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Chicago duo creates spooky soundscapes

by Beth Capper

optimus_maximus_cover_1“[Dario] Argento’s classic horror films developed a language that relied on music as a narrative directive as much as any other device,” says Aaron David Ross, one half of Chicago band Gatekeeper.

For anyone into the band Goblin, Ross’s comments about the primacy of music in the development of Argento’s aesthetic seem fairly obvious. Yet for many film historians, the power of the image is still over arching. Sound tracks are meant to function to bolster the image and its power to mesmerize, to mask the fact of it being an image.

However, for filmmakers like Argento, and an entire canon of ’80s horror genre auteurs like John Carpenter and Brian de Palma, the musical scores to these makers’ films are a large part of their iconic status. And while such scores don’t quite throw the viewer out of the frame, they don’t entirely function to suture them into it either. “To say that the music takes a backseat [to the image] is missing the idea that the feeling is what makes the films so powerful, the music is as key an ingredient as anything else,” Ross says.

It’s fitting, then, that Gatekeeper have decided to forgo the image altogether, molding the tropes of horror soundtracks into jagged shards of electronic dance that asks their audience to imagine the terrifying scenes infused in their sound.

Matthew Arkell, Gatekeeper’s other half, explains why the duo are so drawn to these sound tracks: “Both of us grew up in the ’80s and have nostalgic connections to horror and sci-fi films from this era, films which were deeply augmented by their sound tracks. This is the music that terrorized our childhoods, so naturally we feel a sacred and symbolic connection to it.”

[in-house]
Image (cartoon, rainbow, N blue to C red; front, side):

“We specifically enjoy scores that use early synthesizers and drum machines; the sound palates are similar to our other
musical influences such as

Italo disco and early industrial,” offers Ross. “Since our music is instrumental, we sometimes rely on spoken vocal samples or sound effects to create rhythm and refrain, and this ties directly into the cinematic practice.”

This marriage of musical forms directly reflects the duo’s own particular musical backgrounds. “Gatekeeper is the synthesis of symphonic and dance music. Our backgrounds directly enable this,” says Arkell. “Aaron’s classical background, with a specific focus on film scoring, is key to the majority of Gatekeeper’s melodic and harmonic content, while my dance music sensibilities ground us in a seminal tradition of electronic dance music.” Ross is currently a graduate student in SAIC’s Sound Department. When asked if his education at SAIC has influenced Gatekeeper’s process, he cheekily retorts: “Gatekeeper occasionally makes use of SAIC’s cool vintage synths!”

Gatekeeper aren’t trying to update the musical tradition they are a part of. Instead, they want to re-contextualize the tropes of horror sound tracks within the tradition of electronic music from that era. “It’s kind of shocking to us that we haven’t found many examples of this type of film score in tandem with dance music, the fusion seems to occur so naturally,” says Ross.

Gatekeeper’s synth-laden progressions play out in a discotheque of fluorescent lights, unfurling green mist, bad special effects and cheap parlor tricks. It’s a dance-party, for sure, but you’re probably not coming back alive.

Gatekeeper play with Ga’an, White Car and Mister 666 on Halloween (10/31) at the Co-Prosperity Sphere, 3221 S. Morgan, 10pm, all ages.

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